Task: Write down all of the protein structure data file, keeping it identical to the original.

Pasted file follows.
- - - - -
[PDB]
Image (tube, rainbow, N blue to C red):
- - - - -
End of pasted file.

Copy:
[PDB]
Image (tube, rainbow, N blue to C red):